tax reform

Part I in a series that will examine the congressional super committee and the Low Income Housing Tax Credit program

At several points during the debate over raising the debt ceiling, Washington appeared to be headed towards a “grand compromise”. Such a deal would have mixed broad ranging cuts, including cuts to entitlement programs, with revenue-increasing tax reform. While tax reform is certainly not a novel policy proposal, it is one that has gained traction in recent months as politicians and policy-wonks alike have searched for solutions to the country’s mounting debt-crisis. It is also a policy proposal that has drawn the attention of the affordable housing industry, as industry advocates fret over the future of the Low Income Housing Tax Credit in a world without tax-loopholes. The debt-deal that eventually emerged could hardly be labeled grand, but the possibility for a “grand bargain” including tax-reform remains alive, with responsibility for a deal shifted to the so-called “super committee”.

The call for tax-reform has been mounting for months. In November of 2010, the Bipartisan Policy Center’s Debt Reduction Task Force released a report that suggested, “An end to almost all tax expenditures to offset the costs of the much lower tax rates”. The President’s Economics Recovery Advisory Board released a report in August 2010 which called for, “Eliminating specific expenditures [to] improve efficiency while simplifying the tax code”, and perhaps most notable of the slew of reports, The National Commission on Fiscal Responsibility and Reform (more commonly referred to as the Bowles-Simpson report) called for a comprehensive tax reform that would, “Sharply reduce rates, broaden the base, simplify the tax code, and reduce the deficit by reducing the many ‘tax expenditures’—another name for spending through the tax code.” [click to continue…]


Watch the hearing live here

Testimony of Fred Goldberg Jr., Former Assistant Secretary of the Treasury for Tax Policy, 1992, United States Department of Treasury, Washington, DC

Key passage:

The fact is that the primary contributors to erosion of the individual tax base reflect our core values as a country: hard work (the ETIC); families (e.g., personal exemptions and the child care credit); thrift (myriad tax-favored savings vehicles); education (an impenetrable array of conflicting credits and deductions); home ownership (deductions for mortgage interest and property taxes); health care (the exclusion for employer- provided health care); and charity (the charitable contribution deduction). This is where the money is. This is where the ’86 Act refused to go. And this is where the Code has expanded with abandon during the past 25 years.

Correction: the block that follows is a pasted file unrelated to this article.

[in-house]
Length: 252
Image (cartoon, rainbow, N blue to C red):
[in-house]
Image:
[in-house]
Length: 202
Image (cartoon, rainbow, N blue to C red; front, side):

Testimony of Jonathan Talisman, Former Assistant Secretary of the Treasury for Tax Policy, 2000-2001, United States Department of Treasury, Washington, DC

Key passage:

Fourth, while an ideal tax system would not include many tax expenditures, we are not starting a tax system from scratch. Many of the largest “tax expenditures” are long-­‐time features of our system embedded in the fabric of our economy. These include items such as the employer-­‐provided health exclusion, deductibility of home mortgage interest, deductions for charitable contributions, incentives for retirement savings, the deduction for state and local income taxes, reduced rates on capital… To avoid false expectations, we need to be careful in how we talk about base broadening, and consider the practical, economic and social effects of eliminating tax expenditures.

Testimony of Eric Solomon and Mark Weinberger, Former Assistant Secretary of the Treasury for Tax Policy, 2001-2002, United States Department of Treasury, Washington, DC

Key passage:

What is important to recognize, however, is that when considering comprehensive tax reform, such as broadening the tax base and lowering marginal tax rates, the type of tax provisions that will be under consideration are not loopholes. The major tax expenditures are tax provisions that for the most part have been in the Code a long time, and were carefully debated and added to the Code to achieve specific policy objectives, as discussed above (see Chart 6). When modifying or reducing either tax preferences or direct spending, lawmakers must consider the underlying social policy or economic policy the provision was meant to promote.

Testimony of Pamela Olson, Former Assistant Secretary of the Treasury for Tax Policy, 2002-2004, United States Department of Treasury, Washington, DC